The fashion community has been waiting with bated breath to learn the fate of Alexander McQueen after it was announced last month that Sarah Burton was stepping down as creative director of the brand after 13 years at the helm. Would Kering appoint someone from within the brand? Put the label to rest? Hire an unknown? Now, just days after Burton took her final bow at Paris Fashion Week, our questions have been answered. Seán McGirr will succeed Burton as the creative head of McQueen.
“With his experience, personality, and creative energy, [McGirr] will bring a powerful creative language to Alexander McQueen while building on its unique heritage,” said Gianfilippo Testa, chief executive officer of Alexander McQueen, in a statement. François-Henri Pinault, chairman and CEO of Kering, added, “We are confident that Seán McGirr will be able to pursue its journey with a new creative impetus. We look forward to opening this new chapter in the history of this unique brand.”
McGirr most recently worked alongside Jonathan Anderson as the head of ready-to-wear at JW Anderson. He joined the brand in 2020 to specialize in menswear and went on to more recently add womenswear to his repertoire. Before that, the Dublin native studied at Central Saint Martins in London before spending some time at Dries Van Noten, Burberry, and Christophe Lemaire.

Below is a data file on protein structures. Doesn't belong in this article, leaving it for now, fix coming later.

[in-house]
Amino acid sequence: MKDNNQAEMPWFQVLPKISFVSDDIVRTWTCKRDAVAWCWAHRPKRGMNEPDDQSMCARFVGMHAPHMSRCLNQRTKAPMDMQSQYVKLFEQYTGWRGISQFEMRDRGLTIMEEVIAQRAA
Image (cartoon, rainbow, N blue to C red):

The appointment was a relatively quick one, as it was announced only in September that Burton would be leaving her post at McQueen. The designer joined the team back in 1996 as an intern while studying at Central Saint Martins, and returned to the label full-time upon her graduation a year later. She was appointed head of womenswear for the brand in 2000, working closely with Lee McQueen until his untimely death in 2010. That is when Burton took over, securing McQueen’s legacy within fashion.
While McGirr may be very well qualified for the job—his affinity for tailoring and his admitted love of surrealism, as well as his resume suggest he could be a fit for the brand—his appointment is clouded by the fact that all creative directors at Kering are now white men. Burton was the last exception. There is something magical that occurs when a woman designs for another woman, it can help explain the digital shrines to Miuccia Prada or the ferocity of Phoebe Philo’s fanbase, who often say no other designers “sees” them like she does. Perhaps it will be best described in the Metropolitan Museum of Art’s upcoming exhibit, “Women Dressing Women.”
Of course, we will have to wait and see what McGirr delivers before we can really know what what to expect from this new era of McQueen. As for the timeline around his first collection, that is still unknown. According to WWD, the McQueen team learned of their new boss on Tuesday, meaning they have likely yet to get to work.